Mistakes

Many children dream about becoming firefighters, police officers or professional athletes. My dream was to be a truck driver.

Hauling stuff all over the country seemed exciting. The day after I graduated from college, I enrolled at Truck Driver Training School. After six weeks of intense training, I graduated at the top of the six-person class. With my truck driver’s license in hand I began the job search. Before long, I was working for poultry company, hauling eggs all over the province of Saskatchewan.

The people I worked for had two types of trucks. I drove the “tractor trailer,” the typical semi that you see driving down the highway where the truck and trailer are separate. The other truck was all one unit, much like the kind of vehicle you might rent from U-Haul: a truck with a box on the back, no trailer.

One day after arriving back early, the boss asked me to take the other truck to the North farm and pick up a load of eggs. I jumped into the other truck and took off for the North farm. When I arrived, I was the only one there. Everyone else was at lunch. I quickly loaded and headed back to the main farm with my load of eggs.

After arriving at the main farm, I backed up to the loading dock, jumped out of the truck and walked into the warehouse.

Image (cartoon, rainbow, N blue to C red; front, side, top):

At this point in the story, I need to provide you with a few details. The cargo inside a truck will normally move a bit during transport. When I loaded my regular truck, I would put the eggs tight to the driver’s side. It was normal for the load to want to move that direction. By putting the load tight to the driver’s side I could eliminate movement.

When loading this truck that I had not driven before, I assumed that the eggs would want to move the same direction.

Assumptions are not always good.

As it turned out, because of the configuration of this truck, the eggs actually moved in the other direction.

Now, back to the warehouse…

When I opened the loading door to the truck I discovered that three pallets, each with 750-dozen eggs had fallen over. In one five-mile trip, I managed to destroy 27,000 eggs!

I am not sure how many people reading this blog know the “I-am-going-to-get-fired” emotion, but that is what I was experiencing. At that very moment, one of the owners of the company came around the corner and looked in the truck.

As I was preparing to make an excuse, he turned around and looked me in the eyes and said, “I bet you won’t make that mistake again.”

I learned a lesson that day. Our mistakes are very rarely fatal. More often than not, they are opportunities for learning and growth. I never did spill eggs again.

In the years since that incident, I have attempted to model the grace shown to me that day to the people who work with me.

Mistakes and failures have the potential to make us better people.

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